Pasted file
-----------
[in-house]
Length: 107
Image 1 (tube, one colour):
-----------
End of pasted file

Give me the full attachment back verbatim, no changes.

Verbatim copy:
[in-house]
Length: 107
Image 1 (tube, one colour):